No twittering in court

A post on Slashdot this morning dealt with a juror who posted twitter comments about a trial (while it was in progress) and the effects of this may be to declare the trial a mistrial.

“Russell Wright and his construction company, Stoam Holdings, recently lost a $12 million dollar lawsuit brought by investors. But lawyers for the firm have complained that juror Johnathan Powell’s Twitter comments broke rules when discussing the civil case with the public. The arguments in this dispute center on two points. Powell insists (and the evidence appears to back him up) that he did not make any pertinent updates until after the verdict was given; if that’s the case, the objection would presumably be thrown out. If Powell did post updates during the trial, the judge must decide whether he was actively discussing the case. Powell says he only posted messages and did not read any replies. Intriguingly, the lawyers for Stoam Holding are not arguing so much that other people directly influenced Powell’s judgment, rather that he might have felt a need to agree to a spectacular verdict to impress the people reading his posts.”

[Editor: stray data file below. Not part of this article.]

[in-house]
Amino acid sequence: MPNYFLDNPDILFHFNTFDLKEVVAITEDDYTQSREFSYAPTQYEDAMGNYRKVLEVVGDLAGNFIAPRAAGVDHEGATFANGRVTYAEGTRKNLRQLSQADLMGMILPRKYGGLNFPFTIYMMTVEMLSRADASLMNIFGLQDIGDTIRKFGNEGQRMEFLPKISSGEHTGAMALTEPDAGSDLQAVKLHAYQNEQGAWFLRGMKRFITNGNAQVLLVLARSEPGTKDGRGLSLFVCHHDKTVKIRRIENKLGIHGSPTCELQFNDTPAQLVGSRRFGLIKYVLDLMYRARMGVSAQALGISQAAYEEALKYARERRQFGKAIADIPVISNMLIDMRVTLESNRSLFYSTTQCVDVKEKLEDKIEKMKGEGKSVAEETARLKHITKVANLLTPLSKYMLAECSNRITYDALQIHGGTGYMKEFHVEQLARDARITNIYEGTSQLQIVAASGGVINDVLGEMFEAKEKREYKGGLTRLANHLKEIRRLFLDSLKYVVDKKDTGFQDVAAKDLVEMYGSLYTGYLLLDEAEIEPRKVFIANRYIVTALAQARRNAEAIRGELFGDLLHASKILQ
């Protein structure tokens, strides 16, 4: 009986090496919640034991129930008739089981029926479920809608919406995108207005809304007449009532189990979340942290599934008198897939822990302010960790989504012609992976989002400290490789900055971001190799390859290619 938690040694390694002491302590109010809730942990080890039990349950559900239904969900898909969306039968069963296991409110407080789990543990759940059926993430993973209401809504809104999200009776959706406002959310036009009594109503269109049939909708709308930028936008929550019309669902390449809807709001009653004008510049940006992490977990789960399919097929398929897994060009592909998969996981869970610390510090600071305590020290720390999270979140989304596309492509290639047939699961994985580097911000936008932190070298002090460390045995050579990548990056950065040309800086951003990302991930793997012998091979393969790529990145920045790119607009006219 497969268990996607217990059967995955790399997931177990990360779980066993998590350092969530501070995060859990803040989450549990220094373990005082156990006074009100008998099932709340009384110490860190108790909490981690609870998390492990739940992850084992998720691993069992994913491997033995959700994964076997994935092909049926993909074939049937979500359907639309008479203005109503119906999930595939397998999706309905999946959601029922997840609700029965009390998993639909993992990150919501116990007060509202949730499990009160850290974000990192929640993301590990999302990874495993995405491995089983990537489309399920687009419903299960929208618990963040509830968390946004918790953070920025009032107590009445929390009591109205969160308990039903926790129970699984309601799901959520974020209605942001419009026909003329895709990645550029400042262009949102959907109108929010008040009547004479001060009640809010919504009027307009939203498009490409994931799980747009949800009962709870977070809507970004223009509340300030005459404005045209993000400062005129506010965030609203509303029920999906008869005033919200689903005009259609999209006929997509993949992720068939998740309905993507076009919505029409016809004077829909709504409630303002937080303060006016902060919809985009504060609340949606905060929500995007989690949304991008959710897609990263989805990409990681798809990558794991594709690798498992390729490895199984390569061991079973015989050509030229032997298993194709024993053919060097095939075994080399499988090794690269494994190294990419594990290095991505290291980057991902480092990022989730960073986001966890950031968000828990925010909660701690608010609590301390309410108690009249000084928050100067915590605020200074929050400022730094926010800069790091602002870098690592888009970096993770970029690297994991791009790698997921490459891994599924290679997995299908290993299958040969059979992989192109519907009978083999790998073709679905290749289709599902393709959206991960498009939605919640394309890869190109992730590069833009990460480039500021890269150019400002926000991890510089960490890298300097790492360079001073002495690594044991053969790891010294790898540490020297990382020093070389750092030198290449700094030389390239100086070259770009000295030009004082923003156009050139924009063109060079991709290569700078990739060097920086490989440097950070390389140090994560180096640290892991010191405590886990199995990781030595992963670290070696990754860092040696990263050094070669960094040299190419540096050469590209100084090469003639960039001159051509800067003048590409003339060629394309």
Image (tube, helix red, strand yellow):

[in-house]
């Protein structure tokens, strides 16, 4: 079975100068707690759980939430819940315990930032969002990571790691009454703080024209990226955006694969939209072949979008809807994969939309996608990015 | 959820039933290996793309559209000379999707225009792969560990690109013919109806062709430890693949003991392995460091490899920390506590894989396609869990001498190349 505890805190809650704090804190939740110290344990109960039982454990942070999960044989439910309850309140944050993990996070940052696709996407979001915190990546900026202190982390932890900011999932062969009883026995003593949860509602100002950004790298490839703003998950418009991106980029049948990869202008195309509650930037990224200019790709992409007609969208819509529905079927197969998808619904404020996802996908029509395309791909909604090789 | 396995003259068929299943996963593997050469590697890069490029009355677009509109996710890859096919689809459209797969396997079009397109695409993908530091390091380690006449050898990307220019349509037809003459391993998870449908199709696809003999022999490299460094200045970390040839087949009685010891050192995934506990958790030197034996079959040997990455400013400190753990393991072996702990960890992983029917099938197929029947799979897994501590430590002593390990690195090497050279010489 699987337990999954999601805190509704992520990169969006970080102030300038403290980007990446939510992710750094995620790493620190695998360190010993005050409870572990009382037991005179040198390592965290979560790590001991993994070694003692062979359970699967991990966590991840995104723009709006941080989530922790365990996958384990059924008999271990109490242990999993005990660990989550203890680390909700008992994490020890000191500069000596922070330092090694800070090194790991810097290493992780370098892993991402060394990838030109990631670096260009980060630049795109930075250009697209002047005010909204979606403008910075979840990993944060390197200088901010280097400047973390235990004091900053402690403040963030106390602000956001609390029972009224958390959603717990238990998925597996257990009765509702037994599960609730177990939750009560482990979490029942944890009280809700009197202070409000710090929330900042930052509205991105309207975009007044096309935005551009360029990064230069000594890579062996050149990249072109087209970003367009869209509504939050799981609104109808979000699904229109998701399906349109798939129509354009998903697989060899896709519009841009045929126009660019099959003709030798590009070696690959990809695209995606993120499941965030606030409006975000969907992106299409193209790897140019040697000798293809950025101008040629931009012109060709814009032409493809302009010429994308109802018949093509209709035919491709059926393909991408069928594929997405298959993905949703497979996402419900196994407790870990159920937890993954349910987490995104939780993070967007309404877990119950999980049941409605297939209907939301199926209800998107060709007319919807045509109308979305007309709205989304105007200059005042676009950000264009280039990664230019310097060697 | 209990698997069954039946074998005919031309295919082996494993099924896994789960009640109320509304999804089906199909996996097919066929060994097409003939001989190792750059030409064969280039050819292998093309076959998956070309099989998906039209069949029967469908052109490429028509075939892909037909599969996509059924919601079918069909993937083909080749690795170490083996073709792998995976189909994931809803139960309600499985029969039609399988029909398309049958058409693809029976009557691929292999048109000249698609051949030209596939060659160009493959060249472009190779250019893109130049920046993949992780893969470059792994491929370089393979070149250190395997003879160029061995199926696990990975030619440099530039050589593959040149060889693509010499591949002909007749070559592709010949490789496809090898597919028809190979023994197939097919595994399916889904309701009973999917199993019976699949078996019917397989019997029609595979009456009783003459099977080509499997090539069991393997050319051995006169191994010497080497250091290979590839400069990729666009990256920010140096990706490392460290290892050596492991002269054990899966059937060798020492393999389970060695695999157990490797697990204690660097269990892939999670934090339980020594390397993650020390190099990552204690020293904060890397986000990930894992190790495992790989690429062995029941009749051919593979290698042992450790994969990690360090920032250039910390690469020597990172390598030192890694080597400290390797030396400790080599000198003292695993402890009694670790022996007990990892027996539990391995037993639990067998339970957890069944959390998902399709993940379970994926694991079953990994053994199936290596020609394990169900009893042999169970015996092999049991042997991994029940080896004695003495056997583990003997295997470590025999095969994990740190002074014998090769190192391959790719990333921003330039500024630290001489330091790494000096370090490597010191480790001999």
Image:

This is an interesting example of the way in which new technology practice is clashing with established rules and ideas. During the recent Pirate Bay trial in Stockholm there was a vertible information orgy with live audio feed, spectators twittering from within (and outside) the courtroom and live bloggers en masse – in addition to traditional media channels. Yet the interesting thing was that the audio tape picked up the judge telling individuals in the courtroom that no pictures could be taken. On a least two occaissions the judge asked whether a laptop and a phone was being used to film the proceedings.

Everybody was filmed, photographed and interviewed entering and leaving the courtroom. All the participants were activly seen courting and presenting their cases to the media on the courtroom steps – but no photographs in the courtroom.